“I was only a baby when the world ended. Two years old,” she mused. She wasn’t sad, only thoughtful. You can’t miss a world you had never known. I suppose it was comforting, in a way, to know that whatever bird or beast inherited the world after us wouldn’t mourn our passing.
“I was six,” I replied. "I remember when it ended”. I remembered cartoons on a television, and news reports my parents flicked away from when I entered the room.”
“What happened when it ended?” she asked, her eyes huge even though she’d heard the story a thousand thousand times. We knew all each other’s stories by then, but there was comfort in telling them.
“It started gradually,” I replied, the heavy memories worn light with repetition, “Things got worse and worse, less and less to go around. First they rationed things, water, food, heat. Then they reduced the rations, and people scraped by on less still. They reduced them a second time, and people began to starve. They reduced them a third time, and the people rioted. In the end, it all burned.”
My parents had grabbed what they could and fled the city.
I was just a little girl in pigtails, clinging to my teddy bear in the crush of bodies.
“We walked for a week,” I continued. “Starving, stumbling. Eventually we found a camp of refugees like us. We lived in a tent and carried water from a spring half a mile away. But that ran dry and it all happened again. Less and less to go around, rations, reductions, riots. We barely made it out.”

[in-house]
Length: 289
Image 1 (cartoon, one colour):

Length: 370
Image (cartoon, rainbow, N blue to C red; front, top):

I paused to take a breath. She added another log to the fire and gestured for me to continue.
“We wandered on our own for a few years. Eventually we joined up with a small band of wanderers like ourselves. Nomads, scavengers, survivors.
“And that’s when we met,” she interjected; her voice filled with the softness of wonder even after all those years.
“And that’s when we met,” I echoed. “And not long after that, my parents died, and you became my family.”
She scooted closer to nestle against my side. I pressed a kiss to her flyaway grey air, hacked short and ragged with the blade of a knife.
“Can you believe they cared we were both girls?” she murmured. I felt her words as much as I heard them.
“I mean, as the world is crumbling around us, they still have it in their hearts to hate.”
I only sighed and held her tighter. There was nothing I could say.
“They drove us away,” she said dully, pulling away from me. “I never knew any family but them, and they chased me out.” Decades old scars behind her eyes caught the firelight and shone like metal.
“They were blind.” I whispered. “Blind and stupid.”
“We found their corpses later.” There was no vengeance in her tone, no vindication. Only sadness. Only the weight of a society that had failed in so many ways.
“Cheer up, my love,” I told her, taking her hand. “This civilization’s left its legacy.”
“It’s left a layer of plastic across the earth,” she answered with a broken laugh.
I nodded. “A layer of plastic and a book of poems.” I patted the yellowed volume by my side. She smiled tremulously and pressed her forehead to mine, so close I could feel her pulse beneath her skin.
I thumbed through the time-softened pages, work-hardened hands finding the right page without having to look.
“Someone, I tell you, will remember us,” I told her, half prayer and half promise, “even in another time.”
Behind us, through the door of our little hut at the end of the world, the sun set like a blazing phoenix.